Realistic Expectations

We were watching an episode of Bob the Builder (a long time favorite in my book), when some of the characters decided to go snow boarding. Bob starts off thinking that snowboarding was going to be easy, and that he would just stand up and take off on the board. He realizes quickly that it is difficult to snowboard, and at one point he asks the lady giving him a lesson, “Is it supposed to hurt this bad?”

One of my favorite things about Bob the Builder is that they showcase realistic expectations. Sure it’s a cartoon, but messes and mistakes abound, and so does grace. The idea of being able to just stand up and ride off on a snowboard is silly – but as someone who grew up in Colorado, and thought snowboarding would be a breeze when I first tried it, I can attest to the fact that it’s a real challenge. While the pros make it look like they are floating down the slope, the truth is, it takes a great deal of strength, skill, and coordination to actually make it down the hill.

Throughout Bob the Builder episodes, the characters face challenges, sometimes the challenges they face are made worse by thinking something isn’t a challenge, or by actions or mistakes of the character facing the challenge. Nonetheless, Bob and Wendy give the equipment room to make mistakes, and help them recover when a mistake does happen. (Maybe it isn’t totally realistic that all of the equipment is self driving and capable of mistake making, but it’s still such a sweet picture of making a mistake, and being helped through it.)

Funny, I always thought I put this cartoon on so my kids could watch something equally entertaining and educational, seems I might put it on so I can be reminded to shout less and offer more grace, a chance to re-do or fix a mess, a chance to grow from a screw up instead of acting like a screw up is the end of the world (which we all know, most the time when a kid screws up, it’s far from the end of the world).

Thanks, Bob the Builder, for giving us something worth watching, for giving us realistic expectations, for embracing the mess and muck that is life, and for showing us to keep trying.

Addictive, Lazy Society

I read a great post about busy hands and creative minds here. Amy is amazing, and I love her writing.

This post resonated on a number of levels for me – minus the pranking. We weren’t pranksters as kids, and I got my mom’s uncanny ability to fly off the handle if a prank catches me too off guard. (Thanks Mom! 😉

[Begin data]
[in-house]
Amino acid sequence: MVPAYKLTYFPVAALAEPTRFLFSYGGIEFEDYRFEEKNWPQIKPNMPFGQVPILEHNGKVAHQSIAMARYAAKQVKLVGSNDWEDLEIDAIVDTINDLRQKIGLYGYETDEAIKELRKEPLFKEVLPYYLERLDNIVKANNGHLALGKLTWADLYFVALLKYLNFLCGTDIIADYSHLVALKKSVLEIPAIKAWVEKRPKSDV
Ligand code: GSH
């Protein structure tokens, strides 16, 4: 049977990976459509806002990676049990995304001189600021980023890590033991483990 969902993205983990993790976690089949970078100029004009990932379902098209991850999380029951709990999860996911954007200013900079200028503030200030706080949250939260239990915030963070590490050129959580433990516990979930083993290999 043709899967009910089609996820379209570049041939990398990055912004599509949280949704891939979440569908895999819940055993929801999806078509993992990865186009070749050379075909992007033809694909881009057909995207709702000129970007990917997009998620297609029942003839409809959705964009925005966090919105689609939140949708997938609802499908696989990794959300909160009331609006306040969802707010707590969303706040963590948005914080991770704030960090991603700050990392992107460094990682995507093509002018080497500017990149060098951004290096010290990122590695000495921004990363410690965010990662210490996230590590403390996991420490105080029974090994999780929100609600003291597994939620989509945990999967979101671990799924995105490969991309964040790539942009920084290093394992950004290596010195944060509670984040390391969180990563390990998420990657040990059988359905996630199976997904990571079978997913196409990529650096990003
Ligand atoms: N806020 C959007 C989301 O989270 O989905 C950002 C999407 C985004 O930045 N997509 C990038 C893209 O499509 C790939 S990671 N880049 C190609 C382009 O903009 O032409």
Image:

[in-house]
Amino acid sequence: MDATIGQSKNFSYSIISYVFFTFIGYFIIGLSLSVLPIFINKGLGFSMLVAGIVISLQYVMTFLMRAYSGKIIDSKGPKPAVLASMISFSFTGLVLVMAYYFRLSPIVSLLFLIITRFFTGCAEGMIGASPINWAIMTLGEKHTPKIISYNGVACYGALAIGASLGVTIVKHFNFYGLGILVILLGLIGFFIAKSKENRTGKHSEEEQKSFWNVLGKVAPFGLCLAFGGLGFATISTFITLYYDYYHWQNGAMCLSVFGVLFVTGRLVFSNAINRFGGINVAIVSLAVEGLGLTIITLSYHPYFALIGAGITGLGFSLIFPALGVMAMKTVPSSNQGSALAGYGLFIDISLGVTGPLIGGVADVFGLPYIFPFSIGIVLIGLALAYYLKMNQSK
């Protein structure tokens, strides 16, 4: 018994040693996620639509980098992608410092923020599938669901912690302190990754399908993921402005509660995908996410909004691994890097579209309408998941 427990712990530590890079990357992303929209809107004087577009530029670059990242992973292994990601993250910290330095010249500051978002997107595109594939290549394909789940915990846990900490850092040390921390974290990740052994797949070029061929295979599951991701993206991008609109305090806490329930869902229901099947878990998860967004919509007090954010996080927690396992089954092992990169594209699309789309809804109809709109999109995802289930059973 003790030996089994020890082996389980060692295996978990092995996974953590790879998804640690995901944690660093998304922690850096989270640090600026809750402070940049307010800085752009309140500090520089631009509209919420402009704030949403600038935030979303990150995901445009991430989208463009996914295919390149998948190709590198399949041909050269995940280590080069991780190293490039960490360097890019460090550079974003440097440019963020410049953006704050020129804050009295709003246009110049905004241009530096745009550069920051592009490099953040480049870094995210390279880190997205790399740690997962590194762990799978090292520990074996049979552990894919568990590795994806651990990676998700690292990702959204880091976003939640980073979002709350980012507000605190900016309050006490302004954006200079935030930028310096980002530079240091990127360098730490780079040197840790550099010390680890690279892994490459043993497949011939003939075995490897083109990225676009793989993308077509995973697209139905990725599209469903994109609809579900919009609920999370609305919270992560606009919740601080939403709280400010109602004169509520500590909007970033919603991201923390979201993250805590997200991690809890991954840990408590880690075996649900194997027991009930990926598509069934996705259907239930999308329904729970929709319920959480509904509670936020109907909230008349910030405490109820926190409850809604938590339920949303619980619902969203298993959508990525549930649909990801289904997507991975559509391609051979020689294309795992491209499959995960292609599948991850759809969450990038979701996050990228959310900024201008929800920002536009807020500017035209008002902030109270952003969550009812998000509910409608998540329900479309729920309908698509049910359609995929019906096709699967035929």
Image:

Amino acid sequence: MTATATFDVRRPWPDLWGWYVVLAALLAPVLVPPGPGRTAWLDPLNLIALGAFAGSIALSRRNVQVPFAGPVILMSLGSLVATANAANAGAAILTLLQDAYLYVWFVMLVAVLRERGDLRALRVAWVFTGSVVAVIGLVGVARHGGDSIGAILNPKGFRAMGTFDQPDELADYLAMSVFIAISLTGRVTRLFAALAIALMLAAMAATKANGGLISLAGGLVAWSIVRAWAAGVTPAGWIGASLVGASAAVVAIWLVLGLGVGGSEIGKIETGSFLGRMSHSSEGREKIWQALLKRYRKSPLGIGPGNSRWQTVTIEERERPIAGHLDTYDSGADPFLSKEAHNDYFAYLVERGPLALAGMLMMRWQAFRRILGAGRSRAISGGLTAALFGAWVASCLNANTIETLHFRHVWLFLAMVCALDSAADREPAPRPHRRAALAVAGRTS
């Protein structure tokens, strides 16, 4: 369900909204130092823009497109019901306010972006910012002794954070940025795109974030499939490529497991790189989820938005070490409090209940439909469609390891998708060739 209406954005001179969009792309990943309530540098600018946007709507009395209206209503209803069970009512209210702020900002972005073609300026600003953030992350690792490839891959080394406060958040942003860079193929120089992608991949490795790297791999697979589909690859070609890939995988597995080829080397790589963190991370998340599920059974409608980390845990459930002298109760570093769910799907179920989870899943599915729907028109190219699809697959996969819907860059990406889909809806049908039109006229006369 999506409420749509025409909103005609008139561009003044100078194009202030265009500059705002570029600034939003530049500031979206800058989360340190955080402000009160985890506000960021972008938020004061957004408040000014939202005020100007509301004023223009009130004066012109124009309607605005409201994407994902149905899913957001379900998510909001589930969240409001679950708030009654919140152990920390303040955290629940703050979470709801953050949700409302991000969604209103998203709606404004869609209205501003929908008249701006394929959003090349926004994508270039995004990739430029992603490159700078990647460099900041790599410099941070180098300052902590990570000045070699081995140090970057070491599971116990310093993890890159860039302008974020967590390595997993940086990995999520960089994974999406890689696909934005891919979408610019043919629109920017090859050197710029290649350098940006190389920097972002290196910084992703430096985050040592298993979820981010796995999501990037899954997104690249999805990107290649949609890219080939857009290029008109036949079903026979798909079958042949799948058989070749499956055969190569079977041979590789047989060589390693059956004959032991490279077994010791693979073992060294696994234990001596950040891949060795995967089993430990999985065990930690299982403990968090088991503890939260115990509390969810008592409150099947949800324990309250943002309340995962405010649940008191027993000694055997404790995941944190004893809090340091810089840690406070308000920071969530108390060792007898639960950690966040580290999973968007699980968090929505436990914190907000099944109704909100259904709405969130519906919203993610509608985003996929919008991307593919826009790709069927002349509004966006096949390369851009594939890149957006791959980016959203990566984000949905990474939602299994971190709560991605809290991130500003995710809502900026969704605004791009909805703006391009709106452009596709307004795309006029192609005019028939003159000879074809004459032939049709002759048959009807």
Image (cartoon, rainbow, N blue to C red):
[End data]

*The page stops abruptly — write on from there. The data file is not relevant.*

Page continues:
One way I related with this post was the busy hands, free mind thought. When I get my hands busy doing the dishes, scrubbing the bathroom, hanging the diapers, folding the laundry – any of the mundane tasks that don’t require much thinking – my mind wanders off on vast adventures that become fodder for a novel. Or my mind narrows in on a parenting issue and soon, I find myself with several posts to write, and a solution to a problem. Plus, if I’m feeling down, getting my hands busy seems to lift my mood and make me cheery once more.

The other thing that really struck me has to do with kids these days. With all of their electronic devices, and video games and what not, kids today don’t experience this busy-hand, free-mind phenomenon. In fact, kids today expect to be entertained around the clock. Take away the entertainment, and my stepson is lost. He has to have his phone or the television or the computer just to function.

I’m old fashioned enough to think that the smart phone should be allowed to occupy thirty minutes to an hour of his day for “playing” with. Then, it should be put up. Yep, I mean no texting, no games or videos, nothing. He can make a call, to a real person, but that would be it. Of course, I’m the only one in our circle that feels this way, so it’s kind of a moot point. I have tried limiting the phone use, and taking the phone away for the afternoon hours, but the result it not pleasant.

My goal with the younger kids it to not start such a bad habit. I don’t want them to have phones until they are older (15 or 16) and if I am paying for it, it will probably be a generic flip phone. That’s right, one that lets you check in and maybe do some texting. The 7 year old and 5 year old don’t get much TV time, either. They watch a couple programs with us, and occasionally some cartoons, but all total it’s less than 4 hours most weeks.

Now, I will admit this: the 7 year old has a tablet, but he is limited to 30 minutes or an hour, and he only gets to play with it during a few days each week.

Kids must learn to entertain themselves. Kids must be encouraged to think. I do think kids need exposure to technology, because using it, and being proficient with it will be necessary for their careers, of that I’m almost certain. But that doesn’t mean unsupervised, unending hours using this technology.

And this all answers the question I’ve been asking for weeks, “Where is all of this laziness coming from?” Electronics are not evil, but we can all waste our days and come to expect constant entertainment. This expectation causes people to become addicted, in the unhealthiest of ways, to their devices. Take the devices away, and the result is not pleasant. People, adults and kids alike, are losing the busy-hands, free-minds way of doing things. Instead, their minds are busy and their hands are free – which seems to result in a highly addictive, exceptionally lazy society.

How do you handle the entertainment battle in your home?